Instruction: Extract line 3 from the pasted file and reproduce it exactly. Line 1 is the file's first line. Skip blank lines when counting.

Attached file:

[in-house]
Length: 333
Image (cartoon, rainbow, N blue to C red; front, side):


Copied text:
Image (cartoon, rainbow, N blue to C red; front, side):